“Our system was going up and down like a yo-yo,” he said… a truly memorable quote!
He explained that the legacy system would crash at least once a day, deleting records of student grades and tuition payments. Every day his team had to look into their backups and pray the system lost only a few minutes―not a few hours―of transactions. Office staff were getting unruly. And his manager told him, “Fix it or else.”
Now I was getting somewhere.
All those unhappy people made some nice scenes I could paint with words.
See what a difference that kind of concrete detail can make?
Case study blunder #5: No ending
Ask any writer and you’ll find that endings can be the hardest part of writing a story. A story without an ending doesn’t feel complete, any more than a dinner out without dessert or coffee.
One trick that works for me: Go out where you came in.
If you can return to the drama you used for your lead, and show how everything turned out, your reader will feel satisfied at the end.
Here’s another take on this, a technique you can borrow from fiction writing: The end is in the beginning. Your story poses a question: Will the hero fix the system and save his job? Will the winningest coach of all time flub it with his restaurant software?
The answer forms the ending to your story.
For example, here’s how I finished up the story about the coach’s restaurants:
All in all, [product name] has become one of the most valuable players in the lineup at Shula’s Steak Houses, supporting the owners in their ongoing quest for the best.
A great case study photo: retired football coach Don Shula holding one of his famous steaks in one of his restaurants
Case study blunder #6: No photos
Speaking of photos, you do have a photo of your customer to include, right?
Nothing says “real world” more than your case study source standing in their office, factory or warehouse and holding up one of their products, like in the sample above.
Unfortunately, very few business people have publicity photos of themselves. They just don’t get asked for one… ever!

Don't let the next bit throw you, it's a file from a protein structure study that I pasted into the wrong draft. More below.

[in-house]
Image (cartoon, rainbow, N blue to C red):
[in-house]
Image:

The main excuse for not using photos is lack of budget. Here are a few low-cost options for getting photos for a case study:
Local photographer: If you have a few dollars, hire a photographer from the local newspaper in the customer’s town to go snap a few candid digital photos. This shouldn’t cost more than $150.
Student: If the town has a college with a photography class, ask the instructor if their best student could take a picture for you. They can likely come up with something for a modest honorarium like $50.
Publicity photos: Ask the company’s marketing department what they have. Don’t just download one from the website, since these are usually only 72 dots per inch and you need a higher-res version for your designer, more like 300 dpi.
Google Maps: This is pretty desperate, but if you really need an exterior view of the customer’s premises, you may be able to capture one from Google Maps, by entering the address and then switching to street view.
Stock photo: If all else fails, try searching for a stock photo that shows people using the customer’s product… or one close enough that no one can tell the difference. Just avoid those annoying “smug shots” of happy people in their happy lives that everyone knows are fake.
Customer’s logo: By all means, include this as a graphic. This will likely be the most scannable element on the page.
Other than logos, I don’t like to use graphics or clip art in case studies. They just don’t say “real world” the same as a photo.
Case study blunder #7: Not scannable at-a-glance
Busy executives won’t likely read every word of your case study from start to finish, especially when online.
Busy people skim, scan and skip… so you’ve got to achieve the main purpose of your story at a glance.
To my mind, the main point of a case study is to give new prospects a warm and fuzzy feeling about dealing with the client.
The headline, photos, snapshot, and subheads must all support a “quick scan” that gives casual readers the gist of the story in an instant.
“Oh, I get it,” you want them to think, “This city college used Acme Software to replace their flaky old system, and it turned out great.”
Make sure your designer understands this concept and makes your pages easy to scan.
The biggest danger is too many words. So don’t be afraid to trim down your text. About 700 or 800 words is fine for most customer stories… if those are well-chosen words.
A powerful case study includes:
- a strong beginning (lead)
- a summary sidebar (snapshot)
- a dramatic story
- lots of concrete, sensory details
- a satisfying ending
- a design that’s easy to scan
- a great photo of your customer
If you can develop all these elements, your next case study will be truly outstanding.